Hieroglyphic Writing

Cemetery U at Abydos contains the earliest evidence for phonetic hieroglyphic writing in Ancient Egypt.  Recently, the Naqada IIIA tomb U-j was discovered at Cemetary U, contributing very important information to this research.  Commodity labels attached to oils and textiles tell the quantity or provenance of these goods, which suggests that commodities were imported from other parts of Egypt at the time.  Excavators have identified what they think are estate names of early rulers on ink inscriptions on ceramic vessels.  These inscriptions are a variety of specific signs in addition to a plant sign.  Hieroglyphic writing then became a system of administrative control.  Even though it was largely used for religion and administration, writing was also used in private circumstances like funerary inscriptions or to show ownership of estates or goods.

Hieroglyphic writing was a large part of the administration of the centralized bureaucracy in Egypt.  It was a way for the administration to collect revenue in the form of taxes and surplus gained from industries, as well as recording inventories and document expenses.  As far as early titles, one of the most important was a royal seal bearer, which appears in Dynasty 1 in the written form.  There may be evidence prior to this, such as royal seals from the Naqada IIIA/B site called Helwan.  Evidence also points out that there was a structured hierarchy by the Early Dynastic period that included defined institutions and allocated personnel.  The personnel described appear to have kinship relations with the ruler, which would have most likely granted them high social status.  They also may have acquired this special status through professional competence, ability, and skills.

Hieroglyphic writing was obviously a significant part of the bureaucracy in Ancient Egypt because it helped both administrations and private practices document and record necessary items.  Writing also probably strongly added to the increasing social complexity since not all people would be able to read or have the opportunity to learn how to read.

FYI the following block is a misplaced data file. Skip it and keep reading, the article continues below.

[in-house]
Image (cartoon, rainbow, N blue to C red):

One thought on “Hieroglyphic Writing

  1. After reading your post, I agree with your position in that the hieroglyphs were used by the administrative and business parties that operated in ancient Egypt. Before I understood how the hieroglyphs operated, I assumed that every picture represented the sound of that picture. However, although this is the case in some aspects, there are plenty of rules that change how an image sounds. It is this change that would make the language difficult for someone to learn if they had no knowledge of the language during the time. I would have thought the language could be easy to pick up in ancient Egypt because of the pictures used. For instance, the English language does not have the letter “A” for instance occurring in nature. However, the hieroglyphs had pictures such as birds, snakes, and people for their alphabet which one would see on a regular basis. I imagined that this method of writing would have been easier to understand, but after reading more as to how the combination of two/three images will yield a totally different sound or picture, I can see how it would be difficult.

    The use of this method of writing in the business sense would have been extremely useful and communication between those who could have read would have made business very discreet. The same applies to the actions of the government as well. In contrast to this though, any written action would make no sense to the subjects involved if they would not be able to read/write and thus the system of writing would fall through to communicate down the social class.

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